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“It’s better to burn out than fade away…” – Neil Young

I’ve never been too much of a grunge fan. I feel like my music knowledge and taste ends somewhere in the late 80s with The Cure and picks up in the late 90s with the garage-rock revival. Somewhere between the black nail polish/heavy eye makeup and the The Strokes/Member’s Only Jackets passed a whole decade. The 90s was a whirlwind of one over-produced, bad fashion decision after another. Few strong bands emerged and even fewer survived and we often found ourselves turning down rock n’ roll and turning up hip-hop. There was the birth of a genre that still leaks some ripped flannel and jeans and head-banging, dirt-ball distorted guitar in the way of buzz bands like Yuck – grunge.

Its Godfather may be Neil Young, but its ambassador and true painter was Kurt Cobain.

Yesterday would have been Cobain’s 45th birthday and as editor of this here establishment, I felt obliged to scribble a word or two. Nirvana’s overnight, shotgun success came way of Seattle. Before its coffee-loving “indie” persona, it was a dark town with musicians that filled its small bars with metal’s anti-Christ. Grunge was loud but not like Zeppelin. Sloppy but not like garage-rock. Poetic but not like folk. Angry but not like hardcore. And at its helm was its king. The less-than-stable Cobain was always teetering on the edge of sanity and his lyrics were certainly a testament to that. Harsh and often morose, Cobain was an open book via three very powerful albums – Bleach, Nevermind, and In Utero.

It’s Nevermind that many consider not only one of the most influential albums of all time, but the centerpiece to the genre and the 90s. In a weak decade, it is certainly the best. But in any decade, Nevermind could throw some punches with the masterpieces. However overplayed its many hits may be (we all know there was a time we wanted to smash the stereo when “Smells Like Teen Spirit” came on,) it’s a complete package. While Pet Sounds and Revolver were the flint that sparked psychedelia, it was Dark Side of the Moon that stands as the genre’s Bible. Rust Never Sleeps is the flint, but Nevermind is the grunge bible.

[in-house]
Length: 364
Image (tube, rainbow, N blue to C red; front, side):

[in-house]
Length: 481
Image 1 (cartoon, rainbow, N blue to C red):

So without dwelling on often talked about depression, drug addiction, hypocrisy, and the tragic suicide of Cobain’s life, I’ll give you what it means to me – a non-grunge fan that appreciates the importance of music’s most influential and polarizing figures. He doesn’t want your sympathy, he didn’t want to be a martyr, and would most likely laugh/spit in your face if you (we) built him up on a pedestal (much like I’m doing now). He wanted to give himself some relief from his torment (read the infamous note if you don’t believe me). And he did it the only way he knew how – with a cigarette-stained howl, power chords, and poetry. There are a few albums I reach for when I need some enlightenment and Nevermind is certainly one of them.

So Happy Birthday Kurt Cobain. I can’t imagine a world with a 45 year-old version of you.

(If you don’t agree, read Klosterman’s alternate-universe time line on Spin.com.)

- Taylor DeBoer

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